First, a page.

It has been said before that the scandal isn’t what’s illegal. It’s what’s legal. Observers of Connecticut politics were reminded of that nifty maxim last week after a series of articles in the Courant documenting the unholy nexus between lawmakers, law firms, and lobbyists.
The crooked alliance between influence peddlers and public officials is nothing new, of course. Hired guns have been seeking clout in the seats of power as long as governments have existed. Nature abhors a vacuum, lobbyists are eager to fill the gulf between lawmakers and their constituents and few states can match Connecticut’s reputation for political corruption. But even by those low standards, it’s hard to accept the state of influence peddling in Connecticut.
The current imbroglio seems to have been ignited by Matt Hennessy, a political strategist and former chief of staff to Eddie Perez, the felonious ex-mayor of Hartford. In a lawsuit, Hennessy alleges that his firm failed to win a consulting gig with the Connecticut Resources Recovery Authority, the quasi-public garbage authority, because of special treatment given to the powerhouse Hartford firm of Brown Rudnick. Hennessy also charges that Brown Rudnick partner Thomas Ritter, a former speaker of the Connecticut House of Representatives, violated laws prohibiting outside lobbying on behalf of quasi-public agencies such as CRRA.
According to Courant columnist Kevin Rennie, while the law does not permit Ritter to lobby on behalf of CRRA, it does allow him to act as “municipal liaison” — whatever that means. However, Ritter may actively lobby on behalf of CRRA if he receives no compensation for doing so. Got that?
What a ludicrous law. You can lobby on behalf of a client if you don’t actually bill the client for the time spent lobbying? Ritter can walk the half dozen blocks from his office to the Capitol and cajole lawmakers into favoring his clients so long as he doesn’t include that activity on his monthly invoice?
Perhaps I’m naive, but that really strikes me as a distinction without a difference. Brown Rudnick is being paid handsomely to represent CRRA, so a few hours of uncompensated lobbying is time well spent if it puts the firm in a better position during negotiations for a lucrative contract renewal with CRRA. For government relations and legal work, Brown Rudnick has billed CRRA $2.8 million since 2007. Moreover, what’s to prevent Brown Rudnick from fudging the billing and saying Ritter wasn’t lobbying when he really was? The answer, apparently, is nothing.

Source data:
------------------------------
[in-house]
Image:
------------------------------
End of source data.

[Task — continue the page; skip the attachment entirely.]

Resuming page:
But most shocking is that one of Brown Rudnick’s attorneys is Larry Cafero, minority leader of the state House of Representatives. For the record, he denies doing any lobbying for CRRA. But according to Rennie, Brown Rudnick is allowed to lobby Cafero. And as minority leader, Cafero has the authority to appoint two members of CRRA’s 11-person board of directors.
Talk about a circular flow chart! Sounds more like the well-oiled machinations of a tinpot dictatorship than a system of accountability in one of the most progressive states in the nation.
As weak as our state’s lobbying laws are, it looks like they’re even worse in many other states, according to the Center For Public Integrity, which rated Connecticut a B overall in a series of metrics involving lobbying disclosure. And the state received an A in the area of ethics enforcement.
Still, with holes like this, we obviously have miles to go and promises to keep. One of the problems with enacting better laws is as clear as the gold dome atop the Capitol. Lawmakers are reluctant to close the revolving doors between their offices and the lobbying firms because they might want to peddle influence themselves one day after they leave the General Assembly.
So the only way stronger laws will see the light of day is if the voters make it clear that the status quo is unacceptable. But beyond journalists and a relative handful of clean-government advocates, who really cares?
Maybe it will take another disaster to spur the General Assembly and Gov. Dannel Malloy into action. After all, it took CRRA’s disastrous $220 million loss to Enron, the collapsed energy-trading giant, to prod the legislature into banning outside lobbying for quasi-public agencies in 2002. That scandal prompted a wave of lawsuits from CRRA member towns and others over proposed fee increases that the garbage authority wanted to impose to recover its Enron losses. Most of the money CRRA lost was eventually recovered from the sale of the bankruptcy decision.
So that’s what it’s come to for us good-government types? Hoping for a catastrophe that will shame lethargic lawmakers into action? It would be funny if there wasn’t so much at stake.